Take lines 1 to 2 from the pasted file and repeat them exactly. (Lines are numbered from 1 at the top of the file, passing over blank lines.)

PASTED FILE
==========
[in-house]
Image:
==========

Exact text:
[in-house]
Image: